Market News

 November 23, 2006
Oil companies turn to Alberta for carbon harvesting

 (by CBC News) - The Edmonton region could become a place to store carbon dioxide harvested from oil industry smokestacks, says a member of a federal advisory group.

The National Round Table on the Environment advises government on ways to reduce pollution in an economically viable manner.

One priority raised at a meeting held in Edmonton Wednesday is to promote collecting carbon dioxide, or C02, and then storing it underground or using it to enhance oil and gas drilling.

That turns carbon dioxide from a pollutant causing climate change into a commodity that's caught the attention of some oil companies.

Consortium looking at Edmonton area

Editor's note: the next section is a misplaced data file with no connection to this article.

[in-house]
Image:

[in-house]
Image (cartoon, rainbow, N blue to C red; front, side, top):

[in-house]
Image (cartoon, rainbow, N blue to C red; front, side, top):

Steve Williams, who sits on the roundtable and runs Suncor's oilsands operations, says his company is part of a consortium looking at the Edmonton region and the Rocky Mountain foothills for what's called carbon sequestration.

Stefan Bachu, an advisor to Alberta's Energy and Utilities Board, said there are several underground sites near Edmonton that could store C02 from smokestacks.

"There are oil and gas reservoirs, also deep saline aquifers several thousand feet deep. There is potential and capacity all around."

Once carbon dioxide is stored, it could be piped to oilfields near Swan Hills or Drayton Valley. Pilot projects have shown it to be useful in getting more oil out of wells thought to no longer be productive.

The idea makes Alberta New Democrat environment critic David Eggen uneasy.

"You have to go very far under the ground, which I don't think has been entirely looked at," he said.

"And if you go into shallower sites there's hundreds of thousands of holes drilled in the ground. You have to think about something like that if you expect it to stay down there, too."

Bachu says oil companies wanting to store C02 would have to be absolutely certain it couldn't escape from where it's buried.